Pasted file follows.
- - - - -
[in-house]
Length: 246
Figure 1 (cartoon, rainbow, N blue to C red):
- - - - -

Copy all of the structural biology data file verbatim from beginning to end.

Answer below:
[in-house]
Length: 246
Figure 1 (cartoon, rainbow, N blue to C red):